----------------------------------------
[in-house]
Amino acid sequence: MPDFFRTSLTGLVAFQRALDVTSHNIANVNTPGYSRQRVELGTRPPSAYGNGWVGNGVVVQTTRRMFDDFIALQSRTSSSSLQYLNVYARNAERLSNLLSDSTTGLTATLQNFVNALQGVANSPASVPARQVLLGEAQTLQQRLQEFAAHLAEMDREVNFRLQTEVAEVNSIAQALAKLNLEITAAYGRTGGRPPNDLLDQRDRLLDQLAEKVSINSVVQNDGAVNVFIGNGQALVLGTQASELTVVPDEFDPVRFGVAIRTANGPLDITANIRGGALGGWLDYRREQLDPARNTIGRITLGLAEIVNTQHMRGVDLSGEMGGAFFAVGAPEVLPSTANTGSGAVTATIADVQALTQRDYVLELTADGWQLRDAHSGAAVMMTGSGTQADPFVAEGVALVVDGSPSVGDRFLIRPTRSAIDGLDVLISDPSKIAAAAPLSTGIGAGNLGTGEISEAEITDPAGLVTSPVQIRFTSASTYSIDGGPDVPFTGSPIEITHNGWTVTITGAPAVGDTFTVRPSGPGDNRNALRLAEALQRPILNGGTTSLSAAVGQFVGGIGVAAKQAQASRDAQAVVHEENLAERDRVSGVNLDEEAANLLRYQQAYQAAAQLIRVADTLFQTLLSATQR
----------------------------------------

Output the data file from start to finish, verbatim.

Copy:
[in-house]
Amino acid sequence: MPDFFRTSLTGLVAFQRALDVTSHNIANVNTPGYSRQRVELGTRPPSAYGNGWVGNGVVVQTTRRMFDDFIALQSRTSSSSLQYLNVYARNAERLSNLLSDSTTGLTATLQNFVNALQGVANSPASVPARQVLLGEAQTLQQRLQEFAAHLAEMDREVNFRLQTEVAEVNSIAQALAKLNLEITAAYGRTGGRPPNDLLDQRDRLLDQLAEKVSINSVVQNDGAVNVFIGNGQALVLGTQASELTVVPDEFDPVRFGVAIRTANGPLDITANIRGGALGGWLDYRREQLDPARNTIGRITLGLAEIVNTQHMRGVDLSGEMGGAFFAVGAPEVLPSTANTGSGAVTATIADVQALTQRDYVLELTADGWQLRDAHSGAAVMMTGSGTQADPFVAEGVALVVDGSPSVGDRFLIRPTRSAIDGLDVLISDPSKIAAAAPLSTGIGAGNLGTGEISEAEITDPAGLVTSPVQIRFTSASTYSIDGGPDVPFTGSPIEITHNGWTVTITGAPAVGDTFTVRPSGPGDNRNALRLAEALQRPILNGGTTSLSAAVGQFVGGIGVAAKQAQASRDAQAVVHEENLAERDRVSGVNLDEEAANLLRYQQAYQAAAQLIRVADTLFQTLLSATQR